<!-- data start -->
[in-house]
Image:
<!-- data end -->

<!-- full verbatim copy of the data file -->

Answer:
[in-house]
Image: